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What is a good credit score for home loan?

Credit scores are essential to qualify for a mortgage, but only if you are really bent on getting a particular type of loan. Many people may not be aware of this, but it is actually possible to get a mortgage even if you don’t have any credit history. Many people have even been approved to buy a house through a home loan despite low credit scores.

Still, it’s good to know that you will have a better chance to bag that mortgage if you have a FICO Score that’s good enough for a loan. But what exactly is this number? What is the credit score needed to buy a house if you want to pick any house you want?

Today let’s talk about what it takes to qualify for a mortgage and the number you can target to up your chances of getting approved for a loan.

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Some Mortgage Types

To understand the importance and need for minimum credit score requirements, we will need to learn a bit more about mortgages.

In this section, we’re going to talk about some of the most popular types of loans in the market and what score you need to qualify for them.

FHA Loan

The loan insured by the Federal Housing Administration is probably the most basic type of mortgage. This is because it is fundamentally meant for the benefit of first-time homebuyers, which is why it has very lax credit score requirements that you can get approved with a credit score as low as 500.

In case you would prefer to be allowed to make as little as a 3.5% down payment, though, you’ll want to have at least a 580 credit score, keeping in mind that the lower the down payment you make, the higher you’ll need to pay for interest over the life of your loan.

One important thing to understand about FHA loans is because you’re getting this kind of loan due to a low credit score, you will need to pay for mortgage insurance. This is actually for the lender and not you, the borrower, just in case you default. This insurance is an extra payment that makes your loan more expensive, and it doesn’t fall off no matter how long you’ve been paying for your mortgage.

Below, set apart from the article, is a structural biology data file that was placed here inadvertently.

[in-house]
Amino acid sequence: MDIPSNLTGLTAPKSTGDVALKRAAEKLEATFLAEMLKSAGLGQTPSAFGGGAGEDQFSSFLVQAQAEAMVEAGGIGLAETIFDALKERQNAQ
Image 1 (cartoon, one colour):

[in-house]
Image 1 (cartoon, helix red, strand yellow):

Conventional Loan

If you don’t appreciate paying for private mortgage insurance (PMI), and if we’re honest, nobody actually does, you can opt to go for what’s called a conventional loan.

Unlike the FHA loan, this is not a government-backed loan, and it has higher minimum credit score requirements that typically start at 620. (Some mortgage lenders can ask for a higher credit score.) However, it’s good to know that with this type of loan, the higher your credit score, the higher the amount of money you can loan, and the better the mortgage rates you can get.

If you want to skip on the PMI, you will need to have at least 20% of the home’s purchase price as a down payment to secure your mortgage, which is actually a good deal since you’ll also be saving on interest.

VA Loan

If you have been on active duty or the spouse of someone who has, the good news is you might qualify for possibly the best loan option there currently is on the market.

The mortgage insured by the Department of Veterans Affairs requires no money down and has some of the best interest rates being offered in the industry. To qualify for a VA loan, aside from being a service member, you’ll need to have a score of 640 or better.

USDA Loan

Finally, we have the USDA loan program, a loan guaranteed by the U.S. Department of Agriculture. On the one hand, there is actually no minimum credit score required to be approved for this loan type. But on the other, you need to buy a house in a rural area to become qualified.

The USDA loan also does not ask for a down payment. Although they can entertain your application, whatever credit score you have, you will want to have a score of at least 640 to get better chances of being approved. Manual underwriting will be required for home buyers with lower credit to see if they are really eligible to get a USDA loan.

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What to Prepare Before You Buy a House

Even now, in 2021, it is possible to qualify for a loan with a credit score as low as 500. Typically, however, people know that they need to get a higher credit score if they want to apply for a mortgage. But credit scores are really just one of the factors that affect your loan application. Depending on the loan type you are hoping to get, mortgage lenders may be willing to look at other characteristics in your file to give them a better assurance you deserve a particular mortgage rate or loan amount.